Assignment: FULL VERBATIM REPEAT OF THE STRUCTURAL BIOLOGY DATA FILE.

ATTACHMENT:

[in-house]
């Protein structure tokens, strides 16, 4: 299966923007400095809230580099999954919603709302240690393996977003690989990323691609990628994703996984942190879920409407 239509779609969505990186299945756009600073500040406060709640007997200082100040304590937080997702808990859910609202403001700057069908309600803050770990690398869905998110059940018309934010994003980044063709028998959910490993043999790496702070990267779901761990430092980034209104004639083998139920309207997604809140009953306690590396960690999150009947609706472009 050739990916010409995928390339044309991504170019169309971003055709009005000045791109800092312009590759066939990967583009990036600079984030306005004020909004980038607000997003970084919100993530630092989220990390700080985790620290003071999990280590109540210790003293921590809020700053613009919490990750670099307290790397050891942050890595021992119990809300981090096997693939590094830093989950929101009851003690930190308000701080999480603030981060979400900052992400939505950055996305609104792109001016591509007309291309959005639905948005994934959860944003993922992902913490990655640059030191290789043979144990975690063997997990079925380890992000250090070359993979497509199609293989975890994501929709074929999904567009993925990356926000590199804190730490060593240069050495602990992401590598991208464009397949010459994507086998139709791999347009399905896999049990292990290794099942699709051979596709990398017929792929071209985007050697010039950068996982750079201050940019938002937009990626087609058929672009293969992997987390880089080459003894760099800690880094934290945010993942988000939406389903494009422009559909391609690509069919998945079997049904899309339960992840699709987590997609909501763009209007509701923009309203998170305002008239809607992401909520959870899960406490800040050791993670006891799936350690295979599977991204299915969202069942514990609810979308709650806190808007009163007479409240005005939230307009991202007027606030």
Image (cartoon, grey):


[in-house]
């Protein structure tokens, strides 16, 4: 299966923007400095809230580099999954919603709302240690393996977003690989990323691609990628994703996984942190879920409407 239509779609969505990186299945756009600073500040406060709640007997200082100040304590937080997702808990859910609202403001700057069908309600803050770990690398869905998110059940018309934010994003980044063709028998959910490993043999790496702070990267779901761990430092980034209104004639083998139920309207997604809140009953306690590396960690999150009947609706472009 050739990916010409995928390339044309991504170019169309971003055709009005000045791109800092312009590759066939990967583009990036600079984030306005004020909004980038607000997003970084919100993530630092989220990390700080985790620290003071999990280590109540210790003293921590809020700053613009919490990750670099307290790397050891942050890595021992119990809300981090096997693939590094830093989950929101009851003690930190308000701080999480603030981060979400900052992400939505950055996305609104792109001016591509007309291309959005639905948005994934959860944003993922992902913490990655640059030191290789043979144990975690063997997990079925380890992000250090070359993979497509199609293989975890994501929709074929999904567009993925990356926000590199804190730490060593240069050495602990992401590598991208464009397949010459994507086998139709791999347009399905896999049990292990290794099942699709051979596709990398017929792929071209985007050697010039950068996982750079201050940019938002937009990626087609058929672009293969992997987390880089080459003894760099800690880094934290945010993942988000939406389903494009422009559909391609690509069919998945079997049904899309339960992840699709987590997609909501763009209007509701923009309203998170305002008239809607992401909520959870899960406490800040050791993670006891799936350690295979599977991204299915969202069942514990609810979308709650806190808007009163007479409240005005939230307009991202007027606030």
Image (cartoon, grey):